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Offensive Use Of The FCPA?


The article “FCPA Ripples” highlights, among other topics, how Foreign Corrupt Practices Act scrutiny and enforcement can impact a company’s business operations and strategy in a variety of ways including “offensive” use of the FCPA by a competitor or adversary to achieve a business objective or to further advance a litigating position.

Amazon, like certain other companies, has fans and detractors as well.

In the later category is the Confederation of All India Traders (CAIT), an organization which represents million of retail stores in India. CAIT has long raised concerns about Amazon’s business operations in India. (See here “CAIT Seeks Ban on Amazon in India” and here “CAIT Fully Geared up to Fight Amazon & Flipkart” for examples).

This prior post highlighted Amazon’s purported FCPA scrutiny in India.

Not surprisingly, CAIT has taken a position on the matter and recently sent a letter to the SEC and DOJ regarding Amazon. The letter states in full:

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Friday Roundup


Apparently not, scrutiny updates, silly offensive use, and not credible. It’s all here in the Friday roundup.

Apparently Not

This May 2017 post asked whether Sinovac might become the first Chinese issuer to resolve an FCPA enforcement action after the SEC began an inquiry regarding certain bribery and corruption issues in China.

Apparently not as the company recently announced:

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Friday Roundup


Scrutiny alerts and updates, just plain silly, #precisionmatters, and for the reading stack. It’s all here in the Friday roundup.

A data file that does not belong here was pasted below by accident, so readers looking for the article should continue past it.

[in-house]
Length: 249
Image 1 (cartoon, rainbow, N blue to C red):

Scrutiny Alerts and Updates

Societe Generale

As highlighted in this 2014 post, Societe Generale, among other companies, has been under FCPA scrutiny regarding its dealings with Libya’s government-run investment fund. The French financial services company recently disclosed:

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Is This Appropriate?

© ClassicStock / Masterfile
Model Release: Yes
Property Release: No

Gibson Dunn is generally viewed as having a top tier Foreign Corrupt Practices Act practice.

The firm’s Year-End FCPA Update is always a quality read including this year’s version.

Yet, highlighted below is a paragraph from the Update that caught my eye and I ask: seriously – is this appropriate?

Early in the 36-page document is the following paragraph:

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Plaintiffs Allege Harm At The Hands Of Terrorist Group Funded In Part By Corrupt Sales Practices Of Various Multinational Companies

Mahdi Army

Various courts have held that the Foreign Corrupt Practices Act does not confer a private right of action. However, as highlighted in “FCPA Ripples” and several other posts on this website, private plaintiffs with increasing frequency are using allegations of corruption to allege other substantive causes of action in what amounts to “offensive use” of the FCPA and related topics.

Recently, American service members and civilians and their families who were killed or wounded while serving in Iraq filed this 203 page civil complaint against AstraZeneca, General Electric, Johnson & Johnson, Pfizer and Roche claiming that the companies’ alleged acts of corruption in Iraq present viable civil claims under the federal Anti-Terrorism Act and for intentional infliction of emotional distress. Specifically, the plaintiffs allege that they or their family members were attacked by a terrorist group (Jaysh al-Mahdi) funded in part by the defendants’ corrupt sales practices.

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